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Dead Retina: Two Young Cops 

Dead Retina's debut 7-inch Two Young Cops is a speedy, tuneful record that combines the artlessness of second-wave New York punk with the reductivist Stooges aesthetic found in the same era of pre-hardcore Los Angeles.

Signposts of Dead Retina's forebears prop up often—from the Raymond Pettibon-influenced black and white cover art to the nihilistic lyrics and Stiv Bators' (but even more gravelly) bark of vocalist and bassist Peter Leon—but Two Young Cops won't be causing any town hall meetings or riots. What was once perceived as dangerous in the late-'70s is now party music. While the authenticity inherent in the band's angst isn't up for debate, a song like "Gone" is more fun and rousing than anything else.

Along with its anthemic hooks, the thematic contradictions in the lyrics of the EP's title track render it the record's highlight. Ostensibly a tale of corrupt law enforcement getting kicks from cracking the heads of the innocent, the sentiment turns murky via Leon's wordplay: "Two young cops and they're lookin' for action ... rockin' and rollin' in their fuckin' patrol." Extract the phrase "two young cops," and what's left is a pretty great description of Dead Retina's music. Though this is likely the polar opposite of the song's intended message, the fact that it would raise such a left field question makes it challenging and far from just "rockin' and rollin'," though it does that just fine.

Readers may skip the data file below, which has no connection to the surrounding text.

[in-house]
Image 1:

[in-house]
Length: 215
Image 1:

"Another Life" seems to acknowledge this ambiguity in its opening line, "what a mess we made." But if Dead Retina made a mess, it's one they may want to remain in.

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